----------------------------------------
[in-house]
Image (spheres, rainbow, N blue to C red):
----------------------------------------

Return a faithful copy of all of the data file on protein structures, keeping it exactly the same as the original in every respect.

[in-house]
Image (spheres, rainbow, N blue to C red):